Last spring, Chris Gruener, publisher at Cameron + Company (a San Francisco publisher of books on photography, art, and architecture since 1964), approached Portland photographer Bruce Forster
and me to create a book on Portland for Cameron's highly regarded Above series (Above New York
, Above London
, etc.). Six months — of photographing, writing, design, and production — later, the book is on the shelves.
Although Bruce's career is all about photographing Portland and the region from every conceivable topical and topographic angle, we were immediately intent upon looking at our city with more than just photographs. We envisioned a book that would not only show readers what Portland is, but describe why it is what it is.
To do all this we decided to lay out the book along the lines and boundaries of Portland's "quadrants" (NE, SE, NW, SW), its rivers and other natural features, and its region. We included North Portland in both the NE quadrant and in the rivers and regional context. Speaking of the region, we felt that, though the book is titled Above Portland and because Portlanders see their city within the context of the mountains, ocean, Willamette Valley, and Columbia River, it was essential to set the book's images and text within the larger regional context of northwest Oregon.
As I began to outline the various topics I wanted — indeed, I believed I had — to cover, I decided to recruit some friends and colleagues who, I thought (and still do!), have the stature and knowledge to write more authoritatively on those topics than I could. Humility, modesty, and good sense prevailed over any inkling that a single writer could cover such diverse subjects as Portland history, architecture, urban design, planning, green and open spaces, and sustainability. Plus, I wanted readers to be given an opportunity to hear directly from the voices of fellow Portlanders who not only know these diverse fields, but work in them as professionals and volunteers.
Brian Libby, an indefatigable observer of and writer on Portland's architecture, describes what distinguishes Portland's architects' approaches to designing buildings. Brian's aim in his statement is to highlight the "coveted alchemy between the built and natural environments." Paddy Tillett, the urbane and erudite British architect and urban designer who, fortunately for Portland, has made this city his home for the past 30 years, takes readers on a tour of the Portland's transportation and transit networks. Fellow architect and planner Donald Stastny, who has played an influential, even elemental, role in planning Portland since the 1970s, explains the town's particular (some might say peculiar) processes and products for creating a city that is ready for the future.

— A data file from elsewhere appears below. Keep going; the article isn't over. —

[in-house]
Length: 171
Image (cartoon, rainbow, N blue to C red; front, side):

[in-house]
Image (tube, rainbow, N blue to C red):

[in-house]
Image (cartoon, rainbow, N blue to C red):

Mike Houck, the tireless advocate for parks and open space and whose Urban Greenspaces Institute fights for wildlife corridors and havens birds and fish in the heart of the city, discusses the parks, open spaces, and trails systems that appear — in foreground and background — in almost every one of the book's nearly 200 photographs. Rob Bennett of the Portland Sustainability Institute explores what it means to create buildings, districts, and an entire city whose goals are to conserve energy, last a long time, and preserve its own and its neighbors' environment. He connects the dots between that environment and the regional economy. My job, as editor, is to lay the foundation of what distinguishes Portland in terms of these five essayists' topics and to briefly describe the distinct personality of the city that, after only 150 years, can present the characteristic and refined face that Bruce Forster so vividly portrays.
The warm tones, rich details, and finely grained exposures of Bruce's photographs capture the city as of 2011. The book is as much a challenge to planners to maintain what we have built as it is an illustration of the legacy of 150 years of city-making. As the editor, I would say (no surprise) that Above Portland is a document about a city of which we can be proud. But, more important, its evocative photographs present a challenge to us, a gauntlet thrown down, as it were, saying, "Here is a great place; take care of it, continue to build it with a sense of permanence, fix it where it's broken, don't mess it up, and make it express the best of us as citizens." It's a lot to ask of a book... except when you have the benefit of Bruce Forster's brilliant images to show you the way.